Building a widget from scratch

So now, we’ll build a widget to solve a practical problem. Your site is all neatly designed and feng-shui’ed ... except this one <input type=”file”> tag. The user clicks on the button, and all of a sudden gets an operating system-styled box that doesn’t look right, and is completely out of your control. Ugggh.

This is a perennial thorn-in-the-side for web developers. A Google search finds the ever-useful web site quirksmode, and they have a pretty simple solution: hide the file input, put a real input directly beneath where it would be, and make your own button off to the side. Logical enough. How hard would that be to make a widget?

Not hard at all, it turns out. Here’s the plan:

  • Hide the input boxes and draw our own
  • Use Dojo to handle all my connections and fancy stuff
  • Wrap it all up using dijit.form._FormWidget and diijt._Templated to take care of everything else

Hiding the Built-In File Upload Box

We’ll use the programmatic method here. First we’ll need a location on-disk for our widget. Since others have expressed interest in this widget, and we hope to contribute it to dojox, we’ll place the widget in dojox/widget/FileInput.js. This means we’ll be able to require() and provide() the module “dojox.widget.FileInput” as per the package system conventions. To get additional behavior we’ll need to require() mixin classes, in case we don’t already have them. So here’s a stub for the class:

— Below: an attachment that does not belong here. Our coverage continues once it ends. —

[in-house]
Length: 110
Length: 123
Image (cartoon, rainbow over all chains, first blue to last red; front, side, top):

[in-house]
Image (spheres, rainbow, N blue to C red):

[dijit.form._FormWidget, dijit._Templated],
      // summary: A styled input type="file"
      // description: A input type="file" form widget, with a button for uploading to be styled via css,
      //      a cancel button to clear selection, and FormWidget mixin to provide standard
      //      dijit.form.Form

Next we’ll need a template, a label for our submit button, a label for our cancel button, and the name of the input:

// label: String
//      the title text of the "Browse" button
label: "Browse ...",

// cancelText: String
//      the title of the "Cancel" button
cancelText: "Cancel",

// name: String
//      ugh, this should be pulled from this.domNode
name: "uploadFile",

templatePath: dojo.moduleUrl("dojox.widget", "FileInput/FileInput.html"),

Also note that whenever we use template variables , it’s good practice to supply a default, e.g. “Browse ...” for the label. Otherwise, if your widget user omits the label attribute, the parser will complain.